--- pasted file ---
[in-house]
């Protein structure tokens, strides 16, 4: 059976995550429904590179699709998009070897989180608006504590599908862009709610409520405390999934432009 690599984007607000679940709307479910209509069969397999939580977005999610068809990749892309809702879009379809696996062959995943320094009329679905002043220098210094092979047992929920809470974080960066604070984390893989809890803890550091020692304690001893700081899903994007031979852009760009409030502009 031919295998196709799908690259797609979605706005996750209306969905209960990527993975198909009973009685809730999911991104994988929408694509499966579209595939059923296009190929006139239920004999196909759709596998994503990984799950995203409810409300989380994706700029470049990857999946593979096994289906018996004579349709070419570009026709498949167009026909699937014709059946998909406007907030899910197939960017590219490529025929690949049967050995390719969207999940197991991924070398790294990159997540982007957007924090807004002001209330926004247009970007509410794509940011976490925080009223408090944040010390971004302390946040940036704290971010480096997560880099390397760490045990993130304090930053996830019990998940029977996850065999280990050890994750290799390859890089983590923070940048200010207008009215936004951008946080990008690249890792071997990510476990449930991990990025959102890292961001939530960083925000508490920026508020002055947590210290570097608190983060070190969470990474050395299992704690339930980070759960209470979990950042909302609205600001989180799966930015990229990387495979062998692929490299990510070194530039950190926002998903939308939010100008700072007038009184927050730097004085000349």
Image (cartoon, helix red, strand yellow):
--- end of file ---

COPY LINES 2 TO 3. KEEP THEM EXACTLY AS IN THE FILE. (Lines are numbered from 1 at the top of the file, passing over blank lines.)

């Protein structure tokens, strides 16, 4: 059976995550429904590179699709998009070897989180608006504590599908862009709610409520405390999934432009 690599984007607000679940709307479910209509069969397999939580977005999610068809990749892309809702879009379809696996062959995943320094009329679905002043220098210094092979047992929920809470974080960066604070984390893989809890803890550091020692304690001893700081899903994007031979852009760009409030502009 031919295998196709799908690259797609979605706005996750209306969905209960990527993975198909009973009685809730999911991104994988929408694509499966579209595939059923296009190929006139239920004999196909759709596998994503990984799950995203409810409300989380994706700029470049990857999946593979096994289906018996004579349709070419570009026709498949167009026909699937014709059946998909406007907030899910197939960017590219490529025929690949049967050995390719969207999940197991991924070398790294990159997540982007957007924090807004002001209330926004247009970007509410794509940011976490925080009223408090944040010390971004302390946040940036704290971010480096997560880099390397760490045990993130304090930053996830019990998940029977996850065999280990050890994750290799390859890089983590923070940048200010207008009215936004951008946080990008690249890792071997990510476990449930991990990025959102890292961001939530960083925000508490920026508020002055947590210290570097608190983060070190969470990474050395299992704690339930980070759960209470979990950042909302609205600001989180799966930015990229990387495979062998692929490299990510070194530039950190926002998903939308939010100008700072007038009184927050730097004085000349």
Image (cartoon, helix red, strand yellow):